After the remains of 215 Indigenous children who died more than a century ago in a Canadian boarding school were unearthed, a Mitchell Native American found a way to remember them.

Along the fence of the Prehistoric Indian Village on the shores of Lake Mitchell are 215 orange ribbons, tied next to each other in remembrance of the children who were believed to have died while attending a forced-assimilation boarding school known as the Kamloops Indian Residential School in the Canadian province of British Columbia.

Ribbons adorn the fence in front of the archeodome at the Mitchell Prehistoric Indian Village to honor the Native children whose remains were recently discovered in Canada, including some with regional tribes. (Matt Gade / Republic)
Ribbons adorn the fence in front of the archeodome at the Mitchell Prehistoric Indian Village to honor the Native children whose remains were recently discovered in Canada, including some with regional tribes. (Matt Gade / Republic)

Cindy Gregg, executive director of the Prehistoric Indian Village, said the idea behind the memorial came from Journey Mackey, a Native American who lives in Mitchell and is a member of the Cheyenne River Sioux Tribe. Gregg said Mackey’s memorial, which was created with the help from several young girls at the Abbott House in Mitchell, was an “authentic” way of remembering and honoring the lives of the late Indigenous children, who forensic specialists believe some were as young as 3-years-old.

“We are very proud of Journey, and I was really moved by her passion to recognize that there were 215 lost souls who had been pretty much forgotten. But now the whole world knows about them,” Gregg said. “(Journey) and the young ladies from the Abbott House took this shocking news from Canada very seriously and felt that the Indigenous children needed contemporary Native American voices to tell their story.”

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Gregg said the decision to use orange colored ribbons symbolizes racial awareness, cultural diversity and race tolerance.

The remains of the 215 children were discovered in May through ground radar penetrating technology. While forensic specialists are still working to identify and trace the remains of the late children back to their respective tribes, along with the causes of their deaths, the grim discovery has sparked investigations into similar undocumented deaths of Native American kids who were forced to attend assimilation boarding schools in America during the late 1800s and early 1900s.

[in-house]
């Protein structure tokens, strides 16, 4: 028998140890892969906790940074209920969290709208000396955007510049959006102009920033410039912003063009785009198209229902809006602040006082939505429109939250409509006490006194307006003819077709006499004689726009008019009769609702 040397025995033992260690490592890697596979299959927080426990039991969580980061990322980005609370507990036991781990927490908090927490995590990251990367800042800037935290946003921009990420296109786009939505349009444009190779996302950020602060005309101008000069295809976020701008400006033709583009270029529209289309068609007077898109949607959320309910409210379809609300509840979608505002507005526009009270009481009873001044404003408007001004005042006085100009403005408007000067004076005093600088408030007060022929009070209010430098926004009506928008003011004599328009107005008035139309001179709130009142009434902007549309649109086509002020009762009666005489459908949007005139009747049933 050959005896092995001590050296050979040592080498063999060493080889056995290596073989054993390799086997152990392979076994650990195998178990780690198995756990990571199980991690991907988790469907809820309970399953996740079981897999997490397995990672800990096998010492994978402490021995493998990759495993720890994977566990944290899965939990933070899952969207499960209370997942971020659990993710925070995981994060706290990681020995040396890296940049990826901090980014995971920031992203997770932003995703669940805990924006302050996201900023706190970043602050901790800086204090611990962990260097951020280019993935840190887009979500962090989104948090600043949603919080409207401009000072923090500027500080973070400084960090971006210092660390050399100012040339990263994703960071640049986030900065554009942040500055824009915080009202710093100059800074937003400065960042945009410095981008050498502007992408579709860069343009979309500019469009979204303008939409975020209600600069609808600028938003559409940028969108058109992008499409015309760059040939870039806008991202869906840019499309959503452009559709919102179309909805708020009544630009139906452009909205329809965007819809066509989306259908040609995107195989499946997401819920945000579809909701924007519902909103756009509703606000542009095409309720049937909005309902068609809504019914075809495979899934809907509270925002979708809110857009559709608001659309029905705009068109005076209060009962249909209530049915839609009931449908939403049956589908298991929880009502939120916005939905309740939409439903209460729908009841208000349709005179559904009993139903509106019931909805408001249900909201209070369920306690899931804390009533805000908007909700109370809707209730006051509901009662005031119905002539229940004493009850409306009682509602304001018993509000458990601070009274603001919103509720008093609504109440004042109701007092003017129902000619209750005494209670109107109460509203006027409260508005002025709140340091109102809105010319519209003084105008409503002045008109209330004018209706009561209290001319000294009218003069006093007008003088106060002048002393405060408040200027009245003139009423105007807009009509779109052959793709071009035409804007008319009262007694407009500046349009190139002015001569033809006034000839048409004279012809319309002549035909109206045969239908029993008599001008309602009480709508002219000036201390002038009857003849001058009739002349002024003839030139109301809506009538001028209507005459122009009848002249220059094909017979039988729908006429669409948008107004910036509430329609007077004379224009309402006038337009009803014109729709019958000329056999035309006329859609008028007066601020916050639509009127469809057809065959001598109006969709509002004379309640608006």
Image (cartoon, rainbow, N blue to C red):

While Indian boarding schools have been shut down in America, including the Kamloops boarding school in Canada, details of the assimilation practices that were performed there included forcing the Native American children to speak English, cut their hair and adopt English names, stripping them of their cultural beliefs and ideals. Gregg said she’s learned of some of the tragic things that went on at the boarding schools from Native Americans who either had a relative forced into one or experienced it on their own.

“These children were forced to cut their hair, take a white name and not allowed to speak their own languages. You talk to some of the elders who did have to go to those schools, and it’s abhorrent to learn of the things that went on,” Gregg said.

Earlier this month, the remains of nine Lakota children who died at a Pennsylvania boarding school 140 years ago were returned to their tribes and the Rosebud Sioux Tribe. The effort to identify and bring the remains of the late children back to their homeland took six years to accomplish.

“I watched the ceremony on television, and it was just moving,” Gregg said of the ceremonies in South Dakota remembering the children. “It’s inspiring to see the current generations care so deeply about their past loved ones who belonged to their tribe.”

In the wake of discovering the remains of the 215 Indigenous children in Canada, Deb Haaland, secretary of the U.S. Department of the Interior, the first American Indian to hold the position, recently announced similar investigations will be conducted in America in hopes of finding burial sites to identify the bodies of the remains.

Gregg supports the push to uncover more potential remains of Indigenous peoples from boarding schools, calling it a movement that will help the country learn from the past.

“I believe we’re going to see more remains uncovered. Since the Canada school remains were unearthed, we’ve already seen more remains discovered,” she said.

As the leader of Mitchell’s Prehistoric Indian Village, which teaches tourists and guests about the history of the past Native American tribes that resided in the Mitchell area through its archaeological sites and ancient artifacts, Gregg said there needs to be more Native American history taught in the classroom.

By teaching the “raw and true” history of the forced assimilation of Native Americans, Gregg said it will help the country not repeat the same “mistakes” such as what went on a century ago at the Indian boarding schools.

“We’re not teaching our children what horrible things that were done to Native Americans centuries ago, and the efforts to uncover the remains of the children who were forced into these schools and died will help give everyone a better understanding of what went on,” she said. “When we identify what went on, we can learn from it together.”